Log 23 covers May 12th to May 27th, 2004 as we make our way to Cuba and eventually to the capital, Havana. After a couple weeks we finally head off and make landfall in Miami, Florida.
|Our route from Belize to Cuba then to Miami|
We Really Want to Visit Cuba...By the time we are finished with Belize, we are really getting pushed for time if we want see Mexico's Yucatan Peninsula, visit Cuba, get to the US mainland, and begin our Atlantic crossing before the real onset of hurricane season. The weather is still giving us strong northerlies when it's supposed to be east and southeast by now. On a small weather window, we pinch hard and sail for the very far west end of Cuba, skipping Mexico altogether. Mexico's great tacos will have to wait for another visit.
08:30, Wednesday, May 12th - Clearing into CubaAfter a rough 55-hour sail, we arrive at Cabo San Antonio, Cuba's most westerly outpost. It's close to dark as we pull near so we radio the Cuban port officials and ask if our tired and dirty crew can do the clear-in procedures in the morning rather than now. They agree but are all there anyway in their fresh-pressed whites to help tie Tioga up to the wharf as the sun sets. Not many visitors out here?? The next morning, we are all sleeping peacefully in bed when a 'knock, knock' is heard on the hull. It's 6:00 am…customs and immigration already?. We soon discover that we've come through a 2 hour time zone change - it's 8:00! We hop up slinging on our cloths as untold Cuban officials board Tioga: Customs, Immigration, Port Captain, Health Inspector, Veterinarian, marina administrator, assistants, forms and stamps... After about 2 hours of thorough inspection and form stamping we are officially cleared into Cuba!
|Cuba, where everyone is guarranteed a job!|
Cabo San Antonio May 13-15th - Waiting for WeatherWell, we are now on Cuba's western-most point. Havana would be about a 2-day sail if the winds were to cooperate.
|Outpost on most western point of Cuba.|
|This day Tioga is the only boat on the dock|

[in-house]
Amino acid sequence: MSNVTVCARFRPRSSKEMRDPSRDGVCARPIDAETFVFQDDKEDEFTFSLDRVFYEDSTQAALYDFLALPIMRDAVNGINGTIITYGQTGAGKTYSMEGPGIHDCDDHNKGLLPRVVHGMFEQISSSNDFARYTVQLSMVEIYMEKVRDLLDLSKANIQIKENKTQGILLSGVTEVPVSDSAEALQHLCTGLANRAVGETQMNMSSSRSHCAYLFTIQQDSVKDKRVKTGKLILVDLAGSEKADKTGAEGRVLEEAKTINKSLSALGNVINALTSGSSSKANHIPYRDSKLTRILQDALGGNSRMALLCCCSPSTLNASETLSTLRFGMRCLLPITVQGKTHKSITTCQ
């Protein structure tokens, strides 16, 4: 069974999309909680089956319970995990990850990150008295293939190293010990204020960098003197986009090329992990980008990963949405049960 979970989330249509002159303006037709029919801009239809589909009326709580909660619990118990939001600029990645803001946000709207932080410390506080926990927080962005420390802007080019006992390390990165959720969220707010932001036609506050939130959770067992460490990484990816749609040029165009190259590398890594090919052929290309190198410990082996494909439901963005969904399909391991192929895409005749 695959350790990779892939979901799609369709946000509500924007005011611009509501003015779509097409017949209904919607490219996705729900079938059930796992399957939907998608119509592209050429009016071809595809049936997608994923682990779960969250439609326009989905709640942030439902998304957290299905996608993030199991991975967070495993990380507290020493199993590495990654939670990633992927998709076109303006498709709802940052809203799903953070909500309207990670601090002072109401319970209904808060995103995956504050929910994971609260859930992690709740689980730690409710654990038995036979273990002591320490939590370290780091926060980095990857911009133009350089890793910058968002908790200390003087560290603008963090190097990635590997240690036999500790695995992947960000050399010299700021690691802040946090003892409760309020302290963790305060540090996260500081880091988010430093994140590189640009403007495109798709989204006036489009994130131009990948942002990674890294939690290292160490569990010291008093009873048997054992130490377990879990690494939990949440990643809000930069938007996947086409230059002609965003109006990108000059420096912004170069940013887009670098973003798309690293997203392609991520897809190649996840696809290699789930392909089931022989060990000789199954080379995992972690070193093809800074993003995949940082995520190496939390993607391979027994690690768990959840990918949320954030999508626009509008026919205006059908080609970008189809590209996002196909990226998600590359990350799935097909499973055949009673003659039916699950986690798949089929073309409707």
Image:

In the mean time, we get to know the locals. Sheila makes cookies and we all head up to the staff quarters with cookies and tea in hand along with our dominoes game, which we play with the staff who work and live here on their shift. They really enjoy the cookies! They have a place for hanging the banners and burgees from past visitors, so we give them a burgee from the Glenmore Sailing Club, which we all sign and write Calgary, Canada on.
May 16-20th - En route to Havana
|Joel busies himself with cross-stitch.|
Though we didn't plan on cruising the NW shore of Cuba, we really enjoy the 5 days it takes us to reach Havana even though reef pilotage is slow and tiring. The boys have many activities to keep them busy while we are underway and since the sails are not being used, Gerrit settles in on the mail sail.
|Gerrit enjoys a comfy spot to read.|
|Cayo Levisa's beautiful wind-swept beach|
Thursday, May 20 - the Final Push into HavanaWe are temporarily anchored in Bahia Honda. At 2:09AM we raise anchor in the dark and give a blast on the air horn to let the nearby Port Captain, asleep in his hovel, know that we are leaving as planned. We now must travel outside the reef's protection and in the Florida Strait. Early morning winds, though on the nose, are as light (8-12kt) as we could hope for to complete the last 38 miles into Havana's Marina Hemingway.
|Less fortunate vessel sits on entrance canal|
At around 9:30AM, we tie up at the custom's dock and once again are kept entertained for about an hour as officials go through our boat with a fine tooth comb, fill out all their forms, and seal off our portable VHF and GPS. After our dock assignment, we scout out the marina. There's a nice swimming pool and a handful of stores with a few supplies. We'll manage just fine.
Friday, May 25th - A Quick Tour and Some History (for you, that is)Today, we go for a tour with a horse and buggy around Old Havana (La Habana Vieja) to get a feel for the place. Yet, before we can even get going our driver has an accident with a parked car! He fires off some rapid Spanish at the parked car's nearby owner, shrugs and grins, and off we go.
|Horse-drawn buggy in Old Havana|